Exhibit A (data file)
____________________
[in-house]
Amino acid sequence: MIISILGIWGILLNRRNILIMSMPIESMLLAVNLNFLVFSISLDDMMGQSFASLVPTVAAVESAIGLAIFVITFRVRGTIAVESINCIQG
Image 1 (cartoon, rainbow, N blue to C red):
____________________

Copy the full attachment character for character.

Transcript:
[in-house]
Amino acid sequence: MIISILGIWGILLNRRNILIMSMPIESMLLAVNLNFLVFSISLDDMMGQSFASLVPTVAAVESAIGLAIFVITFRVRGTIAVESINCIQG
Image 1 (cartoon, rainbow, N blue to C red):